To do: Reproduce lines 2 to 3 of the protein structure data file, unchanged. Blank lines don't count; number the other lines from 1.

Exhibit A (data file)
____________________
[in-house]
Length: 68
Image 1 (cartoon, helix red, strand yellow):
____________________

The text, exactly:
Length: 68
Image 1 (cartoon, helix red, strand yellow):